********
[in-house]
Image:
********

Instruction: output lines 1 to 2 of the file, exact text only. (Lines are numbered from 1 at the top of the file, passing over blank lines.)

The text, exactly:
[in-house]
Image: